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The Hounds of Baskerville

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"The Hounds of Baskerville"
Sherlock episode
Hounds of Baskerville Sherlock.jpg
One of the titular hounds whose creation was the largest visual effect made by the series at that point.
Episode no.Series 2
Episode 2
Directed byPaul McGuigan
Written byMark Gatiss
Based onThe Hound of the Baskervilles
by Arthur Conan Doyle
Produced bySue Vertue
Cinematography byFabian Wagner
Editing byCharlie Phillips
Original air date8 January 2012 (2012-01-08)
Running time88 minutes
Guest appearances
Episode chronology
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"A Scandal in Belgravia"
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"The Reichenbach Fall"
List of episodes

"The Hounds of Baskerville" is the second episode of the second series of the BBC crime drama series Sherlock, which follows the modern-day adventures of Sherlock Holmes, and was first broadcast by BBC One on 8 January 2012. It was written by co-creator Mark Gatiss, who also portrays Mycroft Holmes, Sherlock's brother in the series, and was directed by Paul McGuigan. The episode is a contemporary adaptation of The Hound of the Baskervilles, one of Sir Arthur Conan Doyle's most famous works.

In the episode, Sherlock (Benedict Cumberbatch) and his crime-solving partner John Watson (Martin Freeman) take on the case of Henry Knight (Russell Tovey), who 20 years earlier witnessed the brutal killing of his father by a "gigantic hound" on Dartmoor. The investigation leads the pair to Baskerville, a military research base. In the conclusion it is revealed that the hounds were images induced by a mind-altering drug, a chemical weapon whose creator was in fact the real murderer of Henry's father.

Because of the popularity of the novel, Gatiss felt a greater responsibility to include familiar elements of the story than he did when adapting the lesser-known stories. The script was intended to follow elements of the horror genre and make the episode scary. As opposed to traditional ghost stories, Gatiss's plot focused on more contemporary horrors, conspiracy theories and genetic modification. Filming was done throughout May 2011, with additional shots taking place as late as August. Location shooting took place mostly across South Wales, though parts were shot in Dartmoor. The hound was created using visual effects.

After its broadcast on BBC One, the episode received consolidated figures of 10.266 million viewers in the United Kingdom. This rating, although a slight drop from the previous episode, still represented the second largest audience in British television the week it aired. Critical reaction toward the episode was largely positive, with reviewers praising both the modernisation and its tonal fidelity to the original. Critics praised Cumberbatch, Freeman, and Tovey, as well as Sherlock's "mind palace" sequence.


Sherlock (Benedict Cumberbatch) and John (Martin Freeman) receive a visit from Henry Knight (Russell Tovey), who witnessed his father's death by a "gigantic hound" at Dartmoor 20 years ago. After years of therapy, Henry revisited the site, only to see the hound again, prompting his request for help. Though initially dismissive, Sherlock is soon interested in Henry's use of "hound" instead of "dog". Sherlock and John arrive in Dartmoor to find the hound is a local legend. They visit Baskerville, a nearby Ministry of Defence research base, using Mycroft's (Mark Gatiss) security pass. After Mycroft's credentials cause a security alert, Dr. Bob Frankland (Clive Mantle) vouches for Sherlock's identity, despite knowing the truth. Frankland says he was a friend of Henry's father and is concerned for Henry's well-being.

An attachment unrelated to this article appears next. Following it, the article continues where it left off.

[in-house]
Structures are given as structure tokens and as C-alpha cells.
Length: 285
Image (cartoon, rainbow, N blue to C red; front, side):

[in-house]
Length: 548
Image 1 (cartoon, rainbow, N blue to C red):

Henry tells John and Sherlock about the words "Liberty" and "In" in his dreams. Sherlock, John, and Henry then visit the hollow in the hope of finding the hound. On the way, John notices what seems to be Morse code signals (these were unrelated; they were headlight flashes from a group of doggers). When Sherlock and Henry arrive at the hollow, they see the hound. At a local inn, Sherlock is visibly shaken and confesses he saw the hound. John tries calming him, suggesting he imagines things. Sherlock reacts with anger, denying there is something wrong with him. John tries to interview Henry's therapist, Louise Mortimer (Sasha Behar). However, they are interrupted by Frankland, who blows his cover. Meanwhile, Henry hallucinates the hound is stalking his home.

The next morning Sherlock realises "hound" may be an acronym rather than a word. The pair run into DI Lestrade (Rupert Graves) who was sent by Mycroft to keep an eye on Sherlock. They interrogate the innkeepers about a past order for meat that John has spotted, which struck him as odd for a vegetarian restaurant. The innkeepers kept a dog on the moor to boost the tourist trade but assured the investigators they had put it down. This explanation satisfies Lestrade but not Sherlock, who insists the dog he saw was monstrous. Calling Mycroft, Sherlock gains access to Baskerville again. Searching the lower levels of the genetics labs, John finds himself trapped and then hears growling, which he assumes is the hound. Locking himself in an empty cage, he calls Sherlock, who rescues him. Sherlock deduces a chemical weapon designed to trigger violent hallucinations was responsible. Retreating into his "mind palace", a memory technique, Sherlock realises "Liberty" and "In" stands for Liberty, Indiana. After viewing confidential files, he sees "H.O.U.N.D." was a secret C.I.A. project aimed at creating a hallucinatory anti-personnel chemical weapon. Nonetheless, the project was abandoned several years before. Sherlock realises Frankland, who participated in the project, has continued it secretly.